The battle lines were drawn. The drive toward decarbonization was rushing headlong into the reality of energy markets. Things were going to get messy, but at least it was becoming more evident how the energy transition would impact key market developments, from the chaos in European natural gas, to producer capital restraint in the oil patch, to the rising impact of renewable fuels and, of course, the escalating roadblocks to pipeline construction. Then, a monkey wrench was thrown into the works. The world was confronted with the madness of war in Europe, with all sorts of consequences for energy markets: sanctions, boycotts, cutbacks, strategic releases, price spikes and, here in the U.S., what looks to be a softening of the Biden administration’s view against hydrocarbons — at least natural gas and LNG. So now the markets for crude oil, natural gas and NGLs aren’t only inextricably tied to renewables, decarbonization and sustainability, they must navigate the transition turmoil under the cloud of wartime disruptions. It’s simply impossible to understand energy market behavior without having a solid grasp of how these factors are linked together. That is what School of Energy Spring 2022 is all about! In the encore edition of today’s RBN blog — a blatant advertorial — we’ll highlight how our upcoming conference integrates existing, war-impacted market dynamics with prospects for the energy transition.
Increases in crude oil and gasoline prices have caused widespread concern in recent months, made worse after Russia’s invasion of Ukraine that added even more uncertainty to the market. With the average U.S. price for regular gasoline now topping $4/gal — nearly 50% above where it was a year ago — the rising fuel costs have been especially painful for everyday drivers and threaten to slow or derail a global economy still recovering from the pandemic-induced recession. Government officials in the U.S. and elsewhere, while urging oil producers to ramp up output, have turned to their strategic reserves as a way to quickly balance the market and rein in prices. In today’s RBN blog, we look at the International Energy Agency’s (IEA) latest announced release from oil reserves, how the global drawdowns are intended to create a bridge to when increased production comes online, and the skepticism about whether those plans will work out as intended.
Much like baling out a flooded basement with a spoon or shoveling the driveway in the middle of a snowstorm, carbon-capture projects to date have had minimal impact at best on the bigger goal of reducing global greenhouse gas (GHG) emissions and removing carbon dioxide (CO2) from the atmosphere. But an ExxonMobil-led project that’s taking shape in and around Houston could soon set a new mark for the scale at which carbon-capture projects operate. The plan calls for capturing, gathering, compressing and sequestering up to 50 million metric tons per annum (MMtpa) of CO2 by 2030, and up to twice that much by 2040 — enough to start making a real dent in Gulf Coast CO2 emissions. In today’s RBN blog, we take a closer look at the biggest carbon-capture project currently taking shape: ExxonMobil’s proposed Houston CCS Innovation Zone.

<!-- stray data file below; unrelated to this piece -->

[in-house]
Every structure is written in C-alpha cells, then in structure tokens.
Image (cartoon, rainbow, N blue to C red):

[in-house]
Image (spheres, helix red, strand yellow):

Prompt CME/NYMEX Henry Hub natural gas futures prices averaged $4.54/MMBtu this winter, up 67% from $2.73/MMBtu in the winter of 2020-21 and the highest since the winter of 2009-10. Prices have barreled even higher in recent days, despite the onset of the lower-demand shoulder season, with the May contract hitting $6.643/MMBtu on Monday, the highest since November 2008 and up more than $1 from where the April futures contract expired a couple of weeks ago. Europe’s push to reduce reliance on Russian natural gas has turned the spotlight on U.S. LNG exports and their role in driving up domestic natural gas prices. However, a closer look at the Lower 48 supply-demand balance this winter vs. last suggests that near-record domestic demand, along with tepid production growth, also played a significant role in drawing down the storage inventory and tightening the balance. Today’s RBN blog breaks down the gas supply-demand factors that shaped the withdrawal season and contributed to the current price environment.
On March 24, 2022, in the wake of the still-unfolding crisis in Ukraine, “energy and climate ministers” from 40 countries convened in Paris for an International Energy Agency summit to send a “strong message of unity” regarding energy security and to issue a consensus on accelerating “clean energy transitions worldwide.” But there are already strong signals that accelerating the construction of solar and wind power systems, battery storage and electric vehicles (EVs) won’t be easy and won’t be cheap. One of the greatest challenges ahead is this: The minerals and metals that will be needed to build it all may not be available in the massive, almost unthinkable volumes that will be required. And the materials that will be available may cost a lot more — maybe even enough to force a scale-back of energy transition goals. There was already evidence of impending shortages and higher prices well before Ukraine was invaded by Russia. And the price inflation has worsened considerably since then, in part because Russia is a major supplier of many key commodities. In today’s RBN blog, we discuss the major cost challenges of pursuing the energy transition.